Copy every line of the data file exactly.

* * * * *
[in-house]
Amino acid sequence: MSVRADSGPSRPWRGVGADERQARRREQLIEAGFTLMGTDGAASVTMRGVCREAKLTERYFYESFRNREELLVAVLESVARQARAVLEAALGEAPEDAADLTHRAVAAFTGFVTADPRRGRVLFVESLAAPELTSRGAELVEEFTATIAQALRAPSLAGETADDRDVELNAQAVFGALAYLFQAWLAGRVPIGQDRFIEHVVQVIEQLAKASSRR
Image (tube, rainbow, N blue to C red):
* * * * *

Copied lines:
[in-house]
Amino acid sequence: MSVRADSGPSRPWRGVGADERQARRREQLIEAGFTLMGTDGAASVTMRGVCREAKLTERYFYESFRNREELLVAVLESVARQARAVLEAALGEAPEDAADLTHRAVAAFTGFVTADPRRGRVLFVESLAAPELTSRGAELVEEFTATIAQALRAPSLAGETADDRDVELNAQAVFGALAYLFQAWLAGRVPIGQDRFIEHVVQVIEQLAKASSRR
Image (tube, rainbow, N blue to C red):